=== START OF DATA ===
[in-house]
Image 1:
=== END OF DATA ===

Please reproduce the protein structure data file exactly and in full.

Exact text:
[in-house]
Image 1: